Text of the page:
How to Fill an Empty Nest

How to Fill an Empty Nest
Many of you might have been absorbed by your teen’s college application process and then with great relief, celebrating the admissions process. After all the energy expended, the simple truth sets in that you are embarking on a new life phase as an empty nester. You have built your life around the kids and now because you have done your job right, the last little bird is about to fly away. You look at your spouse and wonder how the two of you are going to live alone together. What you fear most is boredom with all this newly found togetherness as a couple. You are not the same bright-eyed person you once were when you first got married and neither is he.

It’s time to get reacquainted with yourself first and then with your spouse. Losing interest in one another is not inevitable and please don’t fall for the something-better-out-there-is-waiting-for-you story; that’s just Hollywood. This is the time to get in touch with the deeper reasons for your unhappiness: Aging, forgotten dreams, shallow friendships and a lack of self-care.

It’s time to decide what makes you happy, what you want to experience. Also, it helps to know your validation issues like who and what validates you. Are you worried if you disappeared tomorrow, no one would miss you? How can you cultivate a feeling that you still matter and that you can contribute?

If you are apprehensive about being alone with him, it is most likely that you are worried about being alone with yourself. If you think that you are falling out of love with him, you are probably falling out of love with yourself. So, let your partner help you. Let him support you during your soul-searching journey. Instead of looking at him and thinking, “I have outgrown you.” Why not share your personal growth with him?

Here are some simple suggestions to refill the empty nest with a loving relationship. Small changes and simple living will help you to find new meaning in your life.
  • When the kids leave for college, leave the house. Schedule a trip and have some fun. Perhaps you have forgotten that you are entitled to have fun. A trip sweeps you away from the normal daily annoyances as well as the reminder of what is missing in your home. Vacation is a great de-stressor and opens up the door to fun and romance. This gives you a chance as a couple to laugh about what goes wrong on a trip and rejoice about what goes right. When you return from vacation, your perception about home changes. It’s like having a fresh start for a new life together. Because you have spent quality time together as a couple, you will actually enjoy recreating that hotel retreat at home.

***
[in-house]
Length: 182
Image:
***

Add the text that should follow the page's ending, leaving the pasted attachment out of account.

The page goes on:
• Create new rituals as a couple. Become a tourist in your neighborhood; Go out for coffee during the week in a local café and listen to jazz; take cooking classes together.
  • Take exercise classes, yoga, pilates, do your workout together, or in the same location. Adopt the mantra: Activity Alleviates Anxiety. Get physical to feel young again. There is no one at home telling you that you are too old anymore!
  • Instead of eating dinner together – Dine! Use a pretty placemat, light a pair of candles, listen to soft music, have a glass of wine and dip some fresh Tuscan bread in olive oil.
  • Be intimate on a regular basis. A lack of intimacy is a symptom that something else is wrong in your relationship. Become romantic to improve the quality of your everyday life. Romance is about the little things, the small gestures. You are not too old to be playful!
  • Make sure to schedule private, personal time separate from each other. See your own friends and take classes, or check out clubs and crafts that make your heart sing. Then share what you did with your spouse.

For more, read my book, Turn On Your Inner Light: Fitness for Body, Mind and Soul, specifically Chapter 6 - For the Times You Live a Life of Quiet Desparation, Chapter 10 - How to Let Go, and Chapter 11 - How to Have Fun. To listen to archived radio shows with guest experts visit Turn On Your Inner Light Radio Show

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This content was written by Debbie Mandel. If you wish to use this content in any manner, you need written permission. Contact Debbie Mandel for details.